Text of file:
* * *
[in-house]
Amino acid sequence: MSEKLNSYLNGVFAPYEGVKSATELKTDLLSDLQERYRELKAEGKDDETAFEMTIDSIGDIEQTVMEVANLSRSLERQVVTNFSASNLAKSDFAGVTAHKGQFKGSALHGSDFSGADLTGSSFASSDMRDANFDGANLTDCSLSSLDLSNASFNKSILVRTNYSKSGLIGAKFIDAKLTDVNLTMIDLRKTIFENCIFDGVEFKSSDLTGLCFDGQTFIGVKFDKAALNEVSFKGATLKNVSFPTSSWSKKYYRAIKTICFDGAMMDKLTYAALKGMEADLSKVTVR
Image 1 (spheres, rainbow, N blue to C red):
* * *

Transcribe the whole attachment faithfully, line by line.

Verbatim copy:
[in-house]
Amino acid sequence: MSEKLNSYLNGVFAPYEGVKSATELKTDLLSDLQERYRELKAEGKDDETAFEMTIDSIGDIEQTVMEVANLSRSLERQVVTNFSASNLAKSDFAGVTAHKGQFKGSALHGSDFSGADLTGSSFASSDMRDANFDGANLTDCSLSSLDLSNASFNKSILVRTNYSKSGLIGAKFIDAKLTDVNLTMIDLRKTIFENCIFDGVEFKSSDLTGLCFDGQTFIGVKFDKAALNEVSFKGATLKNVSFPTSSWSKKYYRAIKTICFDGAMMDKLTYAALKGMEADLSKVTVR
Image 1 (spheres, rainbow, N blue to C red):